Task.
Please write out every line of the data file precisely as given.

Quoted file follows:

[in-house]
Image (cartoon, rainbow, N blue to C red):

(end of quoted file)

[in-house]
Image (cartoon, rainbow, N blue to C red):